We all know that there is only one Bali – this tiny island is an inconceivable standout among Indonesia’s archipelago of 18,000 and the epic rites and rituals of Balinese Hindu’s are mind bending. Ondy Sweeting explores the religiously eccentric side
Not a single day passes without more than three million deeply religious people offering the delightful Canang Sari – the beautiful ubiquitous little leaf baskets filled with flowers, rice, sweets and sometimes even a cigarette. It’s hardly surprising that the etymology is from ‘beautiful purpose’. What a way to start the day.
So lured by beauty are the Balinese that these baskets of gratitude appear everywhere from temples to family shrines; doorways to rivers. Creating them is an art form with ancient etiquette attached and they can take hours to make. Specific Gods require different ingredients. Offerings to high spirits on a temple will get the good stuff including money; fruit and red flowers while lower spirits on the ground get the fags. All will have incense that whips up the essence of these sacrificial goodies to gods and spirits with the first puff of smoke called Dupa. Balinese must wear a cloth belt around the waist to separate their base body from their head. The result is gorgeous and a daily wonder to watch. Locals aren’t shy about being watched. Happy Gods = happy household.
Naturally no month passes without the full spiritual acknowledgement of the full moon. Known as Purnama – the time of the full moon is the time for a huge social and spiritual celebration as Gods descend to Earth to give their blessings. It’s also a good time to start new things like planting rice. Who wants to miss out on that? Throughout the island hundreds of ceremonies are held at temples where the devout perform serious rituals using holy water; grains of rice and flower petals. Guests are welcome so enjoy such a display and get to know these awesome Gods that you will not find anywhere else but Bali.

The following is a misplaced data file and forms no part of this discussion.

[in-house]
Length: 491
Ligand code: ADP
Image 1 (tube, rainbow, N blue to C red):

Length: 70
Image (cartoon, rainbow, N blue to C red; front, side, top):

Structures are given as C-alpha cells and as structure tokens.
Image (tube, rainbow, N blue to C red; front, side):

Called Melukat-Mebayuh this is a profoundly personal ceremony found nowhere but Bali. It aims to completely reset an individual’s energies to their most pure birth state. It cleanses and clears and reconnects the person with their original energies that were delivered at birth. All the detritus of confusing and negative energies are banished and replaced with complete purity on a very deep level. It may take the high priest days to prepare given they have to consult the Lontars – the ancient and sacred calendar – to determine the exact day and hour that the birth energies of the person are present on the island. This rite takes almost a full day with results that last long into the future of tropical bliss.
While this is a smaller Melukat ceremony; it is also a powerful purification of holy sacrifice dedicated to the human being and can only be performed by a high priest. While a cleansing ritual; it prevents bad luck; illness and sin from this life and previous lives. While there are different Melukat rites for different situations – like removing soul stains from a baby or cleansing a groom and bride before their wedding – all include the use of holy water. One major water temple is Pure Tirta Empul; which has shrines to Shiva, Vishnu, Brahma, Mount Batur and Indra. A long pool of stone has 12 fountains where worshippers pray after making offerings. This rite can also be performed under any natural water source including waterfalls, spring fed pools, the confluence of two rivers or the ocean. (Andrea Dixon)